Tuberculosis (TB) remains a main public health concern and 10.4 million new cases occurred in 2015 around the world. BCG is the only approved vaccine against TB, but has variable efficacy and new vaccines are needed. We developed two new mTB vaccine candidates based on the recombinant fusion proteins, rCMX and rECMX formulated with Advax4, a new combination adjuvant combining delta inulin, CpG oligonucleotide and murabutide. BALB/c mice were immunized three times intramuscularly with these vaccine formulations. Injection of Advax4 alone increased the percentage of lymphatic endothelial cells and activated macrophages (F480/CD11b) in the draining lymph nodes consistent with a chemotactic adjuvant effect. Advax4+CMX and Advax4+ECMX induced the highest levels of IgG1 and IgG2a antibodies against rCMX and rECMX, respectively. Immunized mice challenged with Mycobacterium tuberculosis (Mtb) had increased vaccine-specific Th1 responses in the lungs together with reduced Mtb - associated alveolar damage, although only the Advax4+ECMX vaccine demonstrated significant reduction of lung bacterial load. This study confirmed Advax4+ECMX as a potential TB vaccine candidate, with potential for further optimization and clinical development.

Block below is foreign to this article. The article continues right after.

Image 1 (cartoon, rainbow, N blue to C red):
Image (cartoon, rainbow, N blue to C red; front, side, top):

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http://dx.doi.org/10.1080/21645515.2017.1368598DOI Listing
http://www.ncbi.nlm.nih.gov/pmc/articles/PMC5718803PMC
December 2017

Identification of specific antibodies against the Ag85C-MPT51-HspX fusion protein (CMX) for serological screening of tuberculosis in endemic area.

Expert Rev Clin Immunol 2017 08 30;13(8):837-843. Epub 2017 Jun 30.

a Programa de Pós-graduação , Universidade Ceuma , São Luis , MA , Brazil.

Objectives: Development of new tools for rapid and accurate diagnosis of tuberculosis (TB) is considered a strategy for controlling the disease. The recombinant CMX fusion protein is composed of immunodominant epitopes of the Ag85C (Rv0129c), MPT51 (Rv3803c) and the entire HspX (Rv2031c) proteins from Mycobacterium tuberculosis H37Rv (Mtb). The aim of this study was to evaluate the applicability of a test using the CMX protein in individuals suspected of TB.